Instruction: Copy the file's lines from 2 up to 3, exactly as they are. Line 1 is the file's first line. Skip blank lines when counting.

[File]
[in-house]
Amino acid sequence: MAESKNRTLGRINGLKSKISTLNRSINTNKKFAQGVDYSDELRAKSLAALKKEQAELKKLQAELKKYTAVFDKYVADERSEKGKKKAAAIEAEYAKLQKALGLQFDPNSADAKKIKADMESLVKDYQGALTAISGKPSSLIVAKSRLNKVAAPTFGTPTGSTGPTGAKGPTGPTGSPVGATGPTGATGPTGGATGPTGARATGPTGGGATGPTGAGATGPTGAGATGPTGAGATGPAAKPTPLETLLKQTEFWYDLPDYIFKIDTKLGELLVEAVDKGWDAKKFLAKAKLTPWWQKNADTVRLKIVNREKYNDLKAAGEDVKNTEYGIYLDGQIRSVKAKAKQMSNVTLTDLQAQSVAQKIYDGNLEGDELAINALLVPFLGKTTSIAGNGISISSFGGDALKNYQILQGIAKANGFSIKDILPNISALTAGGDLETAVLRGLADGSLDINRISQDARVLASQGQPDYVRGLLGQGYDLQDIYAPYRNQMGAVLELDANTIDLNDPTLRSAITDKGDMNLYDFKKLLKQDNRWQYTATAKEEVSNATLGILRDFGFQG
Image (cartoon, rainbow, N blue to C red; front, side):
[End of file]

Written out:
Amino acid sequence: MAESKNRTLGRINGLKSKISTLNRSINTNKKFAQGVDYSDELRAKSLAALKKEQAELKKLQAELKKYTAVFDKYVADERSEKGKKKAAAIEAEYAKLQKALGLQFDPNSADAKKIKADMESLVKDYQGALTAISGKPSSLIVAKSRLNKVAAPTFGTPTGSTGPTGAKGPTGPTGSPVGATGPTGATGPTGGATGPTGARATGPTGGGATGPTGAGATGPTGAGATGPTGAGATGPAAKPTPLETLLKQTEFWYDLPDYIFKIDTKLGELLVEAVDKGWDAKKFLAKAKLTPWWQKNADTVRLKIVNREKYNDLKAAGEDVKNTEYGIYLDGQIRSVKAKAKQMSNVTLTDLQAQSVAQKIYDGNLEGDELAINALLVPFLGKTTSIAGNGISISSFGGDALKNYQILQGIAKANGFSIKDILPNISALTAGGDLETAVLRGLADGSLDINRISQDARVLASQGQPDYVRGLLGQGYDLQDIYAPYRNQMGAVLELDANTIDLNDPTLRSAITDKGDMNLYDFKKLLKQDNRWQYTATAKEEVSNATLGILRDFGFQG
Image (cartoon, rainbow, N blue to C red; front, side):